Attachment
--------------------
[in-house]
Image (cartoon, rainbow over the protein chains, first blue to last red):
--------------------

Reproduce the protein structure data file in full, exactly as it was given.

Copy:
[in-house]
Image (cartoon, rainbow over the protein chains, first blue to last red):